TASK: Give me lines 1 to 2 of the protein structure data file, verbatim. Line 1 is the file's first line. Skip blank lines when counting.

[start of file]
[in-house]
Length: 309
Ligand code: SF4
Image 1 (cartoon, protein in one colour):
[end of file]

[in-house]
Length: 309